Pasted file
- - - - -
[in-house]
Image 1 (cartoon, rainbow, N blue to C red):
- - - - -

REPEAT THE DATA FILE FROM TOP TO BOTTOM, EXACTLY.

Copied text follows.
[in-house]
Image 1 (cartoon, rainbow, N blue to C red):